Lord NatarajaThe auspicious day of Maha Shivaratri was a week away. My travels were taking me to a heritage village in Karnataka, to receive the blessings of a mystic. I have a premonition that on the night of Maha Shivaratri, I am to offer my dance to the Lord Nataraja. Intuitive processes, guide me to pack my bags for this journey. I choose a range of beautiful ornaments and choicest silk saris. I carefully place these in my suitcase. The classical dancer within begins to gather her additional belongings. Firstly, she picks hues of pigment colors to accentuate her eyes, lips and face. Then she packs a range of vibrant liquid enamel bottles to paint her nails with. She chooses to leave behind the bottle of deep red, liquid alta that usually outlines her palms and feet. However, she’s drawn to take with her, two pairs of specially cast, brass-anklets from Bali, Indonesia. The sound of one pair of anklets with the smaller sized, brass bells is suited for intimate spaces that have a more contained sound vibration. The other pair of anklets has larger, brass bells, which seem, better suited for large open spaces with high ceilings, or spaces, unbarred to a vast expanse of sky. She places all her delicate ornaments in a range of cheerful, silken pouches; cushioned on the inside with layers of soft, fine cloth. She chooses to take along a pair of delicate, grape-vine string of tiny pearls for her ear-rings, an ornate bindi with a crescent moon motif fringed with loose pearls, to hang from the central divide of her parted hair (a spool of thin black thread to hold it in place while dancing), a range of gold necklaces of varying lengths, embedded with rubies, emeralds or diamonds, along with finger rings, bangles in glass/gold/diamonds, a gilded waist belt, a variation of two pairs of black parandas which are bejeweled at its far end with rubies, pearls and diamonds. Then, she wraps up finely crafted pairs of leather slippers, a few silken purses to match the saris, ornate safety pins, and handkerchiefs with flower motifs. She places small glass bottles of attar-perfumes in suitable pouches, along with silver dabbi (small box) of two shades of red kumkum powder for her forehead. Next comes a smaller ornate, dabbi of translucent wax, fragrant with pure sandalwood paste, to stick this dry red kumkum powder upon her forehead.

I arrive at my destination. The journey leaves me fatigued. Maha Shivaratri dawns twenty-four hours later. I am nervous, as my body and mind, are still finding their center. But time waits for no one. I am told that in an hour’s time, an intimate audience will await to celebrate my dance offering to Lord Shiva. With an inward chant of ‘Om Namah Shivaya’, I begin to get ready. The deep, blue silk, Paithani sari from Maharashtra beckons me. I lay it carefully next to my dressing table. First, I comb my hair, the paranda weaves itself into my hair, at the precise length. Then comes the makeup. The eyes transform, the lips redden, the eyebrows take the shape of a classical bow. This time, my fingers are guided to color-pigment cakes of blue, orange and golden hues. With some trepidation, I observe my face as a blank canvas ready to be transformed into an ancient, classical painting. I highlight the plain contours of the face with bold coloured, brush strokes. I allow myself to be my own master. It is the night for the Lord of destruction and transformation. I make bold. And soon, the painted muse steps out from the blank canvas of my face and body. She is ready from head to toe. Her hair bereft of flowers, she searches for a temple to buy flowers for her hair from a flower seller. She is guided to small shop. The delicate jasmine flowers of Karnataka have a subtler fragrance than the ones she delights in Tamil Nadu. Yet, her heart rejoices. She enters the heritage village, and is led to the doorway of an illumined rustic house built with Laterite stones from Karnataka. As she steps inside, a blazing golden hue welcomes her in. She stands before a gallery of the most beautiful, gilded, Pantheon of Hindu Gods and Goddesses. The most resplendent of them all is a huge Tanjavore painting of Lord Nataraja, with a towering gopuram, embellished with 108 dancing poses of the Lord himself! She feels blessed, over-whelmed, every cell in her body rejuvenated, alive and awake. She prays with all her heart. Her body, mind, and spirit, become one. Her being brims with reverence, delight and gratitude. The elder mystic takes his seat along with few other rasikas. The music begins to play and she dances, dances and dances. At the end of her offering, silence returns into this sacred chamber of divinity. She bows down in gratitude, and receives the applause.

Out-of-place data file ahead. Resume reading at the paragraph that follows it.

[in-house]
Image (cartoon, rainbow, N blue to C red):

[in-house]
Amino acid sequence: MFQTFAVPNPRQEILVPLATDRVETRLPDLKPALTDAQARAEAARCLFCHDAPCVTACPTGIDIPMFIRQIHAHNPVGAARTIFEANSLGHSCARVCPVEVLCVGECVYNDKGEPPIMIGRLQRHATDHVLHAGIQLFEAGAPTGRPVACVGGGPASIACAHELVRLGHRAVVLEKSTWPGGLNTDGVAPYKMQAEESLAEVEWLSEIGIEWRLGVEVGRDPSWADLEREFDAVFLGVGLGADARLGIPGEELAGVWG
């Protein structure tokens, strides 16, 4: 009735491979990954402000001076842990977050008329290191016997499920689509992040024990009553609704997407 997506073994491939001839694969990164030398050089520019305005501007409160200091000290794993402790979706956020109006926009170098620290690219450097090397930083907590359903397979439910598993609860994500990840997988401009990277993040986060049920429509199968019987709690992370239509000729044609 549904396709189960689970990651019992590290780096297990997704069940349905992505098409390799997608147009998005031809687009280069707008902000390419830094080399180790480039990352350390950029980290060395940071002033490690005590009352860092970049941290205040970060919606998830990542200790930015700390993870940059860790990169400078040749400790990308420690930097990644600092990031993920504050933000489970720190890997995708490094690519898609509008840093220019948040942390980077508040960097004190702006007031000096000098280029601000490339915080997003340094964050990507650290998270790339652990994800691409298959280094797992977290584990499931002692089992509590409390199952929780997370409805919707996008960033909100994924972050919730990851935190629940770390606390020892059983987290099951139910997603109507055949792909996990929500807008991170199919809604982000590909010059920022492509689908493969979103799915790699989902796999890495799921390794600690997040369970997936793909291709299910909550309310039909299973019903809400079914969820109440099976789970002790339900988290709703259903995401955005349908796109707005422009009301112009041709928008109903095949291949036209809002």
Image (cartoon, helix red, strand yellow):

We return into the silence of her room. I look into the mirror. Wiping off the layers of colored pigment with a wet cloth, she leaves, and the canvas of my face returns to its natural pallor. I carefully place all the ornaments in their pouches, untie my hair, loosely fold the nine yards of silk, and let it lay to dry. Entering a waterfall of flowing water, this body cleansed, I lay myself down into the quietness of the night. The fatigue metamorphoses into overflowing vitality. I lay awake until dawn, restless, and charged with an inner fire. At first light of dawn, this body surrenders to deep slumber. I awaken to a beautiful new morning, cloaked in love and happiness …